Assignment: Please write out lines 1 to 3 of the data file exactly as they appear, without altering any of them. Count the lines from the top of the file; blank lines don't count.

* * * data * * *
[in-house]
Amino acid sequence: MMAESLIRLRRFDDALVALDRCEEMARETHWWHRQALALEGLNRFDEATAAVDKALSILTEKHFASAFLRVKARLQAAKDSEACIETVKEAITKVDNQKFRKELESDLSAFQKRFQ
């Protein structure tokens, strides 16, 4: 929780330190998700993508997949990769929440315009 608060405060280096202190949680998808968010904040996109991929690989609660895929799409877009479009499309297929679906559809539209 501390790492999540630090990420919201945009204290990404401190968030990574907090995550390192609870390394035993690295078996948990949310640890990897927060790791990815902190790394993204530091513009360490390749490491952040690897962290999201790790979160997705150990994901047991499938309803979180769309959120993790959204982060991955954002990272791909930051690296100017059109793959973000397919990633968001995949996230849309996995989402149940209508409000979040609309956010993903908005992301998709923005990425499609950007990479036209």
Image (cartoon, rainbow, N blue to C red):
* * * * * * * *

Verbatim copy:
[in-house]
Amino acid sequence: MMAESLIRLRRFDDALVALDRCEEMARETHWWHRQALALEGLNRFDEATAAVDKALSILTEKHFASAFLRVKARLQAAKDSEACIETVKEAITKVDNQKFRKELESDLSAFQKRFQ
């Protein structure tokens, strides 16, 4: 929780330190998700993508997949990769929440315009 608060405060280096202190949680998808968010904040996109991929690989609660895929799409877009479009499309297929679906559809539209 501390790492999540630090990420919201945009204290990404401190968030990574907090995550390192609870390394035993690295078996948990949310640890990897927060790791990815902190790394993204530091513009360490390749490491952040690897962290999201790790979160997705150990994901047991499938309803979180769309959120993790959204982060991955954002990272791909930051690296100017059109793959973000397919990633968001995949996230849309996995989402149940209508409000979040609309956010993903908005992301998709923005990425499609950007990479036209």